People exploring the Bay-whether on boats, or taking a virtual excursion on the Internet-can tap into information from a "smart buoy" deployed this summer near the mouth of the Rappahannock River.
It is the fourth buoy deployed by NOAA Chesapeake Bay Office over the last two years to provide near real-time observation data of the Bay's conditions, as well as interpretive information along the route of the Captain John Smith Chesapeake National Historic Trail.
The buoy was deployed off Stingray Point, near Deltaville, VA, on July 19 to mark the 400th anniversary of Smith's exploration of the region. The point gets its name from a July 1608 event in which Smith, while using a sword to fish in shallow waters near the mouth of the Rappahannock River, was stung by a stingray and nearly died. He recovered and ate the stingray for dinner.
The buoy is part of the Chesapeake Bay Interpretive Buoy System and collects weather, oceanographic and water-quality observations, then transmits this data wirelessly in near-real time. These measurements, as well as historical and cultural information about the Bay, can be accessed at www.buoybay.org or by phone at 877-BUOY-BAY or 877-286-9229.
CBIBS is the only operational buoy system in the Bay dedicated to maintaining the broad range of measurements necessary to track Bay restoration progress. Online educational resources are also available through the NOAA Bay Office.
Other buoys in the system are located at Jamestown, VA; the mouth of the Potomac River; and the mouth of the Patapsco River. The Patapsco buoy is out of commission because of vandalism.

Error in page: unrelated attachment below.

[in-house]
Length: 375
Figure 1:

NOAA's Bay Office expects to deploy two more buoys in September, one on the Elizabeth River at Norfolk, VA, and one on the Susquehanna River off Havre de Grace, MD.
Buoy vandalized; reward offered
Officials are seeking information about an incident that took place on or about July 24 near the mouth of the Patapsco River in Maryland in which a "smart buoy" was shot by a small-bore rifle and a shotgun.
The National Oceanic and Atmospheric Administration, U.S. Coast Guard and Maryland Department of Natural Resources police are interested in any information that may assist in apprehending the those responsible. People with information may call 410-260-8888.
Anyone person who impairs the usefulness of such buoys may be charged with a misdemeanor and, if convicted, faces fines and/or imprisonment. Half of any fine will be awarded to persons giving information that leads to conviction.